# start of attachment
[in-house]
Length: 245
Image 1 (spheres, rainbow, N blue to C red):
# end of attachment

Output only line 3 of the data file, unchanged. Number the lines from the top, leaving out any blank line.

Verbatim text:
Image 1 (spheres, rainbow, N blue to C red):